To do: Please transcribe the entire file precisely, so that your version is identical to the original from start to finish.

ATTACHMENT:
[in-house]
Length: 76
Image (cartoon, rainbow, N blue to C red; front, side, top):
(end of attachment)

[in-house]
Length: 76
Image (cartoon, rainbow, N blue to C red; front, side, top):